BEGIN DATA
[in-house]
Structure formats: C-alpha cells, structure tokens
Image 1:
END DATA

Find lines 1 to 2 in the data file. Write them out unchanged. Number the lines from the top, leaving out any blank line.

[in-house]
Structure formats: C-alpha cells, structure tokens